Health Care Dialogue
Kim S. Hwang, PsyD
Dear Dr. Hwang:
“Do you believe that apologies are a sign of weakness or strength?”
I believe that sincere apologies are a sign of strength and come from a very genuine core place of values that contribute to positive healing. Vengeance versus forgiveness is destructive and erodes relationships. Even the happiest person can self-destruct if conflict doesn’t move towards resolve.
Relationships are complicated and are plunged into all kinds of circumstances that challenge its bond. The power of an apology can go a long way. An apology can serve as a starting point to begin a healing conversation, which may open up a pathway of healing.
Too often a concession is viewed in western society as a weakness, with little value placed on harmony and peaceful virtue. When we acknowledge that we may have hurt someone or participated in some level of regret, I believe it shows both integrity and maturity. It is an expression of sorrow and it almost immediately restores the relationship to a point of safety and homeostasis.
Apologizing doesn’t always mean that one person is more “wrong” than the other person. More often than not, fast pace communication creates a chasm and therefore a misunderstanding unfolds. No party is anymore responsible than the other. The truth is, we live and work within systems that do not allow or have compassion for human errors or mistakes. Therefore, we quickly and unknowingly spritz our frustration into the direction of the closest bystander. I’m sorry doesn’t mean giving in, getting yours or going weak. I’m sorry simply means, “Let’s try again.” It’s a lovely and sincere gesture that communicates a heighted level of attentiveness the second time around.
Recently, I’m humbled to admit that I experienced a similar situation. I engaged in a disagreement with a colleague that was quite tense. At the time, we were both pretty married to our, “rightness.” Later, I received a correspondence from her in which she eloquently communicated her ability to see the situation from my perspective and apologized. Immediately, I felt humbled, open and my defenses shattered. I examined the situation, context and arrived at some substantial realizations.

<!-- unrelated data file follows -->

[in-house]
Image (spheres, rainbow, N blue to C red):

First, our interaction was much too short. Second, we should have taken more time to talk with each other face to face and that we were pushing each other to make an on the spot decision without enough conversation. We were also discussing something in a high traffic situation. I also realized that I needed to slow my thinking down, table the conversation for a more optimal time, so that I could have time to reflect on the content she was presenting.
More often than not, communication feels rushed, but quite honestly, rushing our communication ends up taking more time in the long run. I was grateful that she apologized, not because I thought she was “wrong” but because I felt that I didn’t handle it well either. It was one way to begin starting some kind of positive interaction. I appreciated the generous gesture. It provided an invitation and an emotionally safe starting place necessary, so that a reflective process could unfold. I was able to take time to understand the content better, deconstruct the event and later figure out how to hopefully do better the next time around. I am always sorry when I don’t do as well as I’m capable of with others.